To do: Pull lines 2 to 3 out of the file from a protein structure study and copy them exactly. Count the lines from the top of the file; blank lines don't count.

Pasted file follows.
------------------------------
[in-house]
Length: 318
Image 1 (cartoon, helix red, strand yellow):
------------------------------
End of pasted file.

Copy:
Length: 318
Image 1 (cartoon, helix red, strand yellow):